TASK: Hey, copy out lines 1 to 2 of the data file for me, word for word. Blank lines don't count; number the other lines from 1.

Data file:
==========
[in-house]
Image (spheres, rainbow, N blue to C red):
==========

[in-house]
Image (spheres, rainbow, N blue to C red):